3.3. Comprehensive Evaluation Results

The weight calculation results in Table 3 were substituted into the water quality index model. The water quality index of each evaluated water area was calculated, as shown in Table 4.


SampleCODMnNH3SulfideWater quality indexWater quality degree

Water 197.086.782.084.6Excellent
Water 296.510.0100.088.8Excellent
Water 377.530.0100.088.6Excellent
Water 462.550.0100.088.9Excellent
Water 547.574.3100.089.7Excellent

Combined with Table 4, the weight distortion led to the following problems in the comprehensive evaluation results:(1)As the EWM gave much weight to sulfide without grade differentiation and too little weight to NH3 with the highest grade differentiation, the comprehensive water quality of the five water areas was rated excellent without any difference. This result led to difficult choices.(2)Given that the EWM gave too much weight to sulfide with the lowest pollution degree and ignored NH3 with the most serious pollution degree, the evaluation result of water quality was too optimistic. By comparing Tables 2 and 4, NH3 pollution in Water 2 had the worst water level and Water 3 had a bad level. These areas had extremely high nutrient content and eutrophication risk. Given the low weight of NH3 given by the EWM, both water sources were rated excellent.(3)According to the discussion in Section3.1, all the indicators of Water 1 could reach excellent level. Thus, Water 1 had the best water quality and should be selected as the water source. However, given the distortion of the weight result of the EWM, Water 1 had the worst water quality sample in the final decision-making and should not be selected as the water source.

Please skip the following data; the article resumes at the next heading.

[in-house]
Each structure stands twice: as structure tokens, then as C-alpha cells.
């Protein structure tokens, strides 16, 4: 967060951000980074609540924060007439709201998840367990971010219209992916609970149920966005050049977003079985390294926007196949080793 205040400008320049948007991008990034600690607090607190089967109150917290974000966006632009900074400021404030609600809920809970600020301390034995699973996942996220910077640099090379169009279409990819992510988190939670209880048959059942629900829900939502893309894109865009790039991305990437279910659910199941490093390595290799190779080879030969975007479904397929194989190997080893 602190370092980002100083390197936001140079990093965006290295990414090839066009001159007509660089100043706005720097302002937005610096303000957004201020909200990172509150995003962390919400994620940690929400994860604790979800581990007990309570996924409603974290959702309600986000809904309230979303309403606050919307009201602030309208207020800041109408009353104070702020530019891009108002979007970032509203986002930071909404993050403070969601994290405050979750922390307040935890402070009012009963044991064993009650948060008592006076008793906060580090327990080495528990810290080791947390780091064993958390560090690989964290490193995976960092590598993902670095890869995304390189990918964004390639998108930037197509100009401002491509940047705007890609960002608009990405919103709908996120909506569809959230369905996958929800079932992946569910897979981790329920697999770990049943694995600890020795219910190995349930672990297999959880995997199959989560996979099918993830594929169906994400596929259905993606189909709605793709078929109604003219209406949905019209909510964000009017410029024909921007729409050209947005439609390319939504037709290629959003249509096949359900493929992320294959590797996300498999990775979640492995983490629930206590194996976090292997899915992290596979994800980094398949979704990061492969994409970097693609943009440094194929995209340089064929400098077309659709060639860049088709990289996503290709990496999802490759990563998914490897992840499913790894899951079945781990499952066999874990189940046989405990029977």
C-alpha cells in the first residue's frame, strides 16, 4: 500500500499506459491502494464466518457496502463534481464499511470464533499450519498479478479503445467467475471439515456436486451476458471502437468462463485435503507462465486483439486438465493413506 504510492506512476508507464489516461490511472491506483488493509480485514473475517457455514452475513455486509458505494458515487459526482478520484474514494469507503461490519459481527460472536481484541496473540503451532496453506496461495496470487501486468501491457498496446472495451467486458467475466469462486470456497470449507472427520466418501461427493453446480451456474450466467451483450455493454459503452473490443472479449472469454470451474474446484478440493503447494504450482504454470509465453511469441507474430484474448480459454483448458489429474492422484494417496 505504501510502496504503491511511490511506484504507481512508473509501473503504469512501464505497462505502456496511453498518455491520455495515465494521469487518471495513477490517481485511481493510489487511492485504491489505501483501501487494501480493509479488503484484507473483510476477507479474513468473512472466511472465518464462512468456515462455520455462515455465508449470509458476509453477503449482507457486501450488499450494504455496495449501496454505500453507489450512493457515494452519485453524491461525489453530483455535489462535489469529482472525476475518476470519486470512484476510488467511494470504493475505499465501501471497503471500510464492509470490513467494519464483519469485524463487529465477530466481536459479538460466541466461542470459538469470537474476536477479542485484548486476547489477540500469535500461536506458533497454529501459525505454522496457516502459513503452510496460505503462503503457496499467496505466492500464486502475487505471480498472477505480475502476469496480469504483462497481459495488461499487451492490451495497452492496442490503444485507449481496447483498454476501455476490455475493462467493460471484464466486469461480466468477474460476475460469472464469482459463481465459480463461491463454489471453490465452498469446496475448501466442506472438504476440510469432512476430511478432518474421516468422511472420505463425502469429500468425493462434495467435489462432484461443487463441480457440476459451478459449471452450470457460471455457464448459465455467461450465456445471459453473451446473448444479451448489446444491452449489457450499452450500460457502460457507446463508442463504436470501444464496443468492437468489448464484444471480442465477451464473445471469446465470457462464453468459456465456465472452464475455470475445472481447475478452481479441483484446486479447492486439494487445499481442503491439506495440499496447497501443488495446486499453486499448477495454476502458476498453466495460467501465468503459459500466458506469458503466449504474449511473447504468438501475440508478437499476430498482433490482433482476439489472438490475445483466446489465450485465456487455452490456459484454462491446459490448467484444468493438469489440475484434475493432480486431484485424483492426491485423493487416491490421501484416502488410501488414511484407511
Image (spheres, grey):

3.4. The Protentional Solutions of the Distortions of EWM

As is illustrated in Section 3.2, the EWM has the following two distortions:(i)When the measured data set contains too many zero values, its entropy value may be undervalued, which makes the weight overexaggerated(ii)When the threshold of the evaluation index is divided differently, the numerical discrimination degree cannot correctly reflect the grade differentiation degree

The first distortion is a technical problem instead of a theoretical background problem. As is discussed in Section 3.2, the proximate cause for the first distortion is that the zero values in the measured data set correspond to the zero normalized value. As a result, it may be solved by modifying the standardization method to avoid the zero values in the normalized data set. For example, a protentional substitution formula of equation (1) iswhere C is a constant which should at least satisfy

Obviously, for the zero values in the measured data set, the larger the C is, the farther its normalized value exceeds zero, which reduces the influence of the first distortion. However, for the measured data set, the larger the C is, the less its discrimination degree is. Therefore, the concrete selecting method of the constant C still needs to be further studied.